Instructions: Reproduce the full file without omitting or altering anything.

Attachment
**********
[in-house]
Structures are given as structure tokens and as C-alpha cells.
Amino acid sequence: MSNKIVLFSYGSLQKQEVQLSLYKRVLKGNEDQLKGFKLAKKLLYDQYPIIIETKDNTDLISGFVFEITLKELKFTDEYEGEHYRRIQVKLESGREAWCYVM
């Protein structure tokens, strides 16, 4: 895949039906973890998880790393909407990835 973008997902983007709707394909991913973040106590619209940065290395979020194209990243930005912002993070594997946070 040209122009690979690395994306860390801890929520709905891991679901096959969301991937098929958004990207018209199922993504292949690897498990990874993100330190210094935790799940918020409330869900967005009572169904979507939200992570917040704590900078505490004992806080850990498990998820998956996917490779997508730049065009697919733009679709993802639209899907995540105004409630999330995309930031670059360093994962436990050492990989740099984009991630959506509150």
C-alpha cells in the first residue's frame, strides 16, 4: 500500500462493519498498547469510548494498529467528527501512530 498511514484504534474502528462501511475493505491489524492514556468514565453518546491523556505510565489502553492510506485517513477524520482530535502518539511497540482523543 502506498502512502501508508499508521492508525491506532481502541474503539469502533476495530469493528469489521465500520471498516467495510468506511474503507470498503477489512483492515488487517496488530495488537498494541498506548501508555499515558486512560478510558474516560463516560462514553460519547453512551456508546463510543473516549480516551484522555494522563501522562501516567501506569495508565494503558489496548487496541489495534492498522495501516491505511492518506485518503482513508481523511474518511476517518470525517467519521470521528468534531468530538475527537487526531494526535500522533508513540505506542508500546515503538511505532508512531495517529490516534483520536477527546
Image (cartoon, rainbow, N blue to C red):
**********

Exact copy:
[in-house]
Structures are given as structure tokens and as C-alpha cells.
Amino acid sequence: MSNKIVLFSYGSLQKQEVQLSLYKRVLKGNEDQLKGFKLAKKLLYDQYPIIIETKDNTDLISGFVFEITLKELKFTDEYEGEHYRRIQVKLESGREAWCYVM
């Protein structure tokens, strides 16, 4: 895949039906973890998880790393909407990835 973008997902983007709707394909991913973040106590619209940065290395979020194209990243930005912002993070594997946070 040209122009690979690395994306860390801890929520709905891991679901096959969301991937098929958004990207018209199922993504292949690897498990990874993100330190210094935790799940918020409330869900967005009572169904979507939200992570917040704590900078505490004992806080850990498990998820998956996917490779997508730049065009697919733009679709993802639209899907995540105004409630999330995309930031670059360093994962436990050492990989740099984009991630959506509150």
C-alpha cells in the first residue's frame, strides 16, 4: 500500500462493519498498547469510548494498529467528527501512530 498511514484504534474502528462501511475493505491489524492514556468514565453518546491523556505510565489502553492510506485517513477524520482530535502518539511497540482523543 502506498502512502501508508499508521492508525491506532481502541474503539469502533476495530469493528469489521465500520471498516467495510468506511474503507470498503477489512483492515488487517496488530495488537498494541498506548501508555499515558486512560478510558474516560463516560462514553460519547453512551456508546463510543473516549480516551484522555494522563501522562501516567501506569495508565494503558489496548487496541489495534492498522495501516491505511492518506485518503482513508481523511474518511476517518470525517467519521470521528468534531468530538475527537487526531494526535500522533508513540505506542508500546515503538511505532508512531495517529490516534483520536477527546
Image (cartoon, rainbow, N blue to C red):